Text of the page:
Even “Life on Earth” takes on a more rock mode than ‘80s pop. Thanks, Gary, for that! Also, not only does he breathe an entirely different flavor into the mix, he also pushes Bruce into a different direction, as they both play their asses off, feeding each other’s energy. So much better than the first time around, even the solos.

While this trio doesn’t re-do “Sunshine,” they cover Willie Dixon’s Blues classic “Spoonful,” in a glorious fashion, and finish off, however, with “White Room.”

Again, in usual Rockpalast fashion, the sound is great (though I notice Worrell gets drowned out sometimes), the visuals sharp, and the editing enjoyable (not MTV-ishly quick cuts). I also like the way the camera focuses in on the musicians rather than the audience, who are only in a few shots. Better that way, because it’s the talent I want to see, not a roll call.

There are three different versions of this release. One is, obviously, this one, called the DVD Edition, containing 2 DVDs. There is also the Extended Edition, with both DVDs and a CD Digi-Format (just over 5 hours of material), and the Special Edition boxset of 3 DVDs plus Bonus DVD and CD (almost 8 hours). Up to you to get yer Jack Bruce fix, and how much of it you can handle.

Jack Bruce, you were a talented man, and I thank you for your years of playing; RIP. Meanwhile, I’m turning on “Rock-Rock-Rockaway Beach…”

Improvisation on Minuet No. 1
Can You Follow?
Running Thro’ Our Hands
The Tube
Over the Cliff
First Time I Met the Blues
Smiles & Grins
Bird Alone
Neighbor, Neighbor
Born Under a Bad Sign
Boston Ball Game 1967
Ships in the Night
Never Tell Your Mother She’s Out of Tune
Theme From an Imaginary Western
Golden Days
DVD 2:
As You Said
Rope Ladder to the Moon
Life on Earth
Drum Solo by Simon Phillips
Sitting on the Top of the World
White Room
Sunshine of Your Love
Blues You Can’t Loose
Featuring Gary Moore:
Life on Earth
Sitting on the Top of the World
White Room



Friday, January 16, 2015

Music Impresario Kim Fowley Obit (1939-2015), by Scott Kempner

Text by Scott Kempner / FFanzeen, 2015
Introduction by Robert Barry Francos, 2015

Kim Fowley was an enigma. He’s one of the more important and shadowy, behind-the-scenes figures in rock and roll history, from its birth through its various forms. He was part of the original West Coast doo wop groups, the Hollywood Argyles who rose to fame with the off-beat novelty ditty, “Ally Oop,” and followed up with a number of his own releases as singles and LPs that were genre bending and leaning towards psychedelia and glam. Kim was also known as the contentious manager and Svengali of the original The Runaways.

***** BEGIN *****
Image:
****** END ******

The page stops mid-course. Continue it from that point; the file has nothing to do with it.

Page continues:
There was much that had Kim’s presence in the biz. For example, the experience of holding up a lighter in concerts was his brainchild. He had his hand in John and Yoko playing in Toronto (he even emceed the event), did the first recordings with Jonathan Richman and the Modern Lovers, co-wrote a number of songs with major bands such as KISS, Cat Stevens and Alice Cooper, played on Frank Zappa’s Freak Out!, and… Well, if you want a taste of the man, check out the 2003 documentary, The Mayor of Sunset Strip. Born in California in 1939, the 75 year old Fowley died of bladder cancer on January 15, 2015, in West Hollywood.

Bronx-bred Scott Kempner’s career started with the seminal rock punk (as opposed to punk rock) band, The Dictators, who in 1975 was the first of the bands to spring out of CBGBs to release an album; he was known as Top Ten in those days. He moved on to another well-known band, the Del-Lords, before moving out to California. – RBF

Just heard the news that Kim Fowley has passed away. I didn't meet Kim until the mid-‘80s, at one of the first South By Southwest conferences. I never knew what to make of him from afar, and even when I first got to know him a little, I was a little suspicious. I guess it was kind of a NYC-to-LA trans-continental kind of suspicion. But I did get to know him, and hung out bullshitting with him many memorable times, including one especially memorable week when Stevie Van Zandt had his Underground Garage Festival in NYC in 2004, at which the Dictators performed, and Kim was the MC.